String Quartets Nos 7 & 11; Sonatina No. 12; Septet; Violin Sonata No. 2
Chandos CHAN 20170 77:37 mins
Nazi persecution prompted an array of musicians from Central Europe to seek refuge throughout all corners of the globe during the years before the Second World War. The vast majority found their way to the United States, but others opted for far more unlikely destinations. Amongst these was the Czech-born composer Walter Kaufmann (1907-84) who sailed to Bombay in the mid 1930s to become music director of All India Radio.
The experience of living and working in such a different cultural environment seems to have had a profound impact on Kaufmann’s compositional development which on the evidence of these world premiere recordings attempted a fusion between the melodic and rhythmic elements of Indian music and a distinctly 20th-century European musical tradition largely stemming from Bartók, Debussy and Stravinsky. The combination of these two very different elements, coupled with some notable allusions to Bohemian folk music and even klezmer, gives Kaufmann’s music a very distinctive voice.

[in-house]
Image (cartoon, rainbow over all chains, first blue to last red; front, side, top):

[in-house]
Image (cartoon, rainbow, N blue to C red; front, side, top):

Of all the pieces compellingly performed by the ARC Ensemble, I was particularly taken by the Septet for the unusual combination of three violins, viola, two cellos and piano. This one-movement work presents striking juxtapositions between passages of fiercely percussive intensity and more reflective mysterious material, and encompasses an impressive range of emotions within its 15-minute duration. The Seventh and 12th Quartets are also attractive, as is the resourceful arrangement for clarinet and piano of Sonatina No. 12 for violin and piano, whose likeable dance movements could easily become a favoured repertoire piece for the instrument. Hopefully the ARC Ensemble’s sterling efforts on behalf of this completely unknown composer will stimulate further exploration of Kaufmann’s output, including the considerable amount of music he wrote after 1946 in Canada and the United States.